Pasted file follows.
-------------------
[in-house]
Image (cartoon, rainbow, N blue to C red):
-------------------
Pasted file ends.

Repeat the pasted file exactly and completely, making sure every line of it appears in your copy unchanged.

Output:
[in-house]
Image (cartoon, rainbow, N blue to C red):